now there’s a safe haven
for unwanted infants
In New Jersey, the Safe Haven Infant Protection Act allows an individual to give up an unwanted infant with no fear of arrest or prosecution. No names or records are required. The parents-or someone acting on their behalf-can bring a baby less than 30 days old to any hospital emergency room or police station. The Division of Youth and Family Services will immediately take the child into custody and place the infant in a foster or pre-adoptive home.
More About Safe Haven….
What is Safe Haven?
It’s a new law: the New Jersey Safe Haven Infant Protection Act. Under this law a person may give up an unwanted infant anonymously. As long as the baby has not been abused, the person may do so without fear of arrest or prosecution.
How does it work?
A distressed parent who is unable or unwilling to care for an infant can give up custody of a baby less than 30 days old safely, legally and anonymously. All that is required is that the baby be brought to a hospital emergency room or police station in New Jersey. As long as the child shows no signs of intentional abuse, no name or other information is required.
Can only a parent bring in the baby?
No. The parent may choose to have someone else bring in the infant. It can be a family member, a friend, a priest or minister, a social worker-practically anyone.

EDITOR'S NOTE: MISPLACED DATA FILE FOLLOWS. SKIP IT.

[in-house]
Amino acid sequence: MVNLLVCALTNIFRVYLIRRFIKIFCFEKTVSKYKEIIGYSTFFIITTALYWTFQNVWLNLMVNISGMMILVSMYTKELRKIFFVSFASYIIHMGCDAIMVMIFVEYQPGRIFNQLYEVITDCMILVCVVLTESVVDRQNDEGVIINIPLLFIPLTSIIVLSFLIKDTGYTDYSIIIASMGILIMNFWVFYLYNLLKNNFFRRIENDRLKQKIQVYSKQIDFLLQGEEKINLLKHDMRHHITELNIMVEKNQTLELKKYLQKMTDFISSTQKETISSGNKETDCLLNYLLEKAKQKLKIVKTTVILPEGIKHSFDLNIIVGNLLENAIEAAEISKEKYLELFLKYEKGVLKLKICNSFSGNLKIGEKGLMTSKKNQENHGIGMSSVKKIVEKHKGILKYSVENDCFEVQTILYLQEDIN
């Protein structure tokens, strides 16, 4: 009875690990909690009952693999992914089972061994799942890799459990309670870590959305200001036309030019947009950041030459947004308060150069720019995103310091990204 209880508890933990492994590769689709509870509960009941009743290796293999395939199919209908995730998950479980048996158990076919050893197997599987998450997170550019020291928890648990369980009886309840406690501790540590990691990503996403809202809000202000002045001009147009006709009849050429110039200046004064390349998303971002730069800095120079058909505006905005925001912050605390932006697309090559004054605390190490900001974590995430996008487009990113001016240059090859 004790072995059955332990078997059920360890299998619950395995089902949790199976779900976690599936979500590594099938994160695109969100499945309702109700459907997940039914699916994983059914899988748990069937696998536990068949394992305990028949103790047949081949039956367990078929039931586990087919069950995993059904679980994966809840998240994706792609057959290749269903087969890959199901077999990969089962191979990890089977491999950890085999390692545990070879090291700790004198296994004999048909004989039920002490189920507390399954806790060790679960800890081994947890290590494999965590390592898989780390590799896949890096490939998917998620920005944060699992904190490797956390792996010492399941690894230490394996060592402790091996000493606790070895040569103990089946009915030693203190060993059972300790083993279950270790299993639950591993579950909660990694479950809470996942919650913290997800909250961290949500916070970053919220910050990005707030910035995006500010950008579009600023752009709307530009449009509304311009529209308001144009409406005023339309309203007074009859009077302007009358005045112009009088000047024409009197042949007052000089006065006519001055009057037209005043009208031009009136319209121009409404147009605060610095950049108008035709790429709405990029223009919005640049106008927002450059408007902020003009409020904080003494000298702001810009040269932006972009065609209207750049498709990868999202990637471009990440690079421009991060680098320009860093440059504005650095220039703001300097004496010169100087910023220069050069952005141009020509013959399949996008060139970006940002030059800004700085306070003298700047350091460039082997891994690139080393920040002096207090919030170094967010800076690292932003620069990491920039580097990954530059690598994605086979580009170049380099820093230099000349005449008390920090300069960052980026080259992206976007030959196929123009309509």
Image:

Can you help a parent decide where to bring the baby?
Yes. The parent can call the Safe Haven Hotline,
1-877-839-2339, and get the address and directions for any hospital or police station in the state.
Does a parent have to call before bringing in the baby?
No. A parent can walk in anytime.
Does a parent have to tell anything to the people taking the baby?
No. Nothing is required. However, hospital personnel or police will record any information that a parent is willing to share, such as the child’s health, race, date of birth, place of birth or the medical history of the parents. This could be very useful in caring for the child.
What happens to the baby?
The child will be examined and given medical treatment, if needed. Then the Division of Youth and Family Services will immediately take custody and place the child in a foster or pre-adoptive home.
What happens to the mother?
If the mother brings in the baby, she will be offered medical treatment and social services. She can, of course, refuse if she wishes. Once she has safely turned over the baby, she is free to go.
Why is New Jersey doing this?
The purpose of Safe Haven is to protect unwanted babies from being hurt or killed because they were abandoned.
You may have heard tragic stories of babies left in dumpsters or public toilets. The parents who committed these acts may have been under severe emotional distress. The mothers may have hidden their pregnancies, fearful of what would happen if their families found out. Because they were afraid and had nowhere to turn for help, they abandoned their babies.
Abandoning a baby puts the child in extreme danger. Too often, it results in the child’s death. It is also illegal, with severe consequences. But with Safe Haven, this tragedy doesn’t ever have to happen in New Jersey again.